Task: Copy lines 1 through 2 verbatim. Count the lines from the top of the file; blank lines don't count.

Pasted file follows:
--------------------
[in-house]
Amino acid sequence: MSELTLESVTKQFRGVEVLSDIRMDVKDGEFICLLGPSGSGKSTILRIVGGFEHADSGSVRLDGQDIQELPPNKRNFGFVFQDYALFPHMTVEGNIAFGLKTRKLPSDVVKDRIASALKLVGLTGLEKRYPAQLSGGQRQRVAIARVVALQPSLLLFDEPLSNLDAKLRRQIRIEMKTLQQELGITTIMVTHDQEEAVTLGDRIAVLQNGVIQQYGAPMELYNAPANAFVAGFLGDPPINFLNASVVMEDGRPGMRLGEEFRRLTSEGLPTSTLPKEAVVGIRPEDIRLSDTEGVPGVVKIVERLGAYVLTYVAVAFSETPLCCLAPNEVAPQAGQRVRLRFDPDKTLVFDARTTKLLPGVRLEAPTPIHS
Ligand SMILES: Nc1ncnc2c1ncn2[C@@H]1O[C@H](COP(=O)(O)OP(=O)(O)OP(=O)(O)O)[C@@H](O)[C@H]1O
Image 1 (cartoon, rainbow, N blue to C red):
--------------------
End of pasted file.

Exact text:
[in-house]
Amino acid sequence: MSELTLESVTKQFRGVEVLSDIRMDVKDGEFICLLGPSGSGKSTILRIVGGFEHADSGSVRLDGQDIQELPPNKRNFGFVFQDYALFPHMTVEGNIAFGLKTRKLPSDVVKDRIASALKLVGLTGLEKRYPAQLSGGQRQRVAIARVVALQPSLLLFDEPLSNLDAKLRRQIRIEMKTLQQELGITTIMVTHDQEEAVTLGDRIAVLQNGVIQQYGAPMELYNAPANAFVAGFLGDPPINFLNASVVMEDGRPGMRLGEEFRRLTSEGLPTSTLPKEAVVGIRPEDIRLSDTEGVPGVVKIVERLGAYVLTYVAVAFSETPLCCLAPNEVAPQAGQRVRLRFDPDKTLVFDARTTKLLPGVRLEAPTPIHS